The I-751 petition is used by conditional permanent residents that obtained status through marriage to convert to 10-year green card holders.
USCIS issues certain permanent residents a conditional green card which is valid for a two-year period. The conditions must be removed at the end of this period.
Generally, you must file Form I-751, Petition to Remove Conditions on Residence, within the 90-day period before your conditional residence expires. There are exceptions.
As a matter of law, a conditional resident and spouse must appear in-person for an interview after filing Form I-751. But not every applicant must attend an interview.
In many cases you may have more information than can fit into the standard space provided on Form I-751. This is especially common for previous address history.
When a spouse won't sign Form I-751, it doesn't automatically mean that the conditional resident will lose his or her permanent residence in the United States.
If your conditional green card expired and you have not filed Form I-751, Petition to Remove Conditions on Residence, your conditional permanent residence has most likely expired.
CitizenPath has created an I-751 sample cover letter to help you file your I-751 petition. Use this example as a guide and customize it to your situation.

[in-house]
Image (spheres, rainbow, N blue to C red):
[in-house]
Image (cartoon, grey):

Your time as a conditional permanent resident counts toward the continuous residence requirement for the purposes of naturalization.
Processing times for Form I-751 vary, but USCIS generally makes a decision on most cases within one year of receiving the I-751 petition.
As a conditional resident, you are free to travel abroad just like any other lawful permanent resident. But there are some things you should understand first.
Filing Form I-751 is a critical step for a conditional resident to become a 10-year green card holder. But petitioners should not overlook the importance of the documents that should be sent with Form I-751.
Also known as an A-Number, your Alien Registration Number is an 8 or 9 digit number that can be found on a variety of documents from U.S. Citizenship and Immigration Services (USCIS) or the former INS.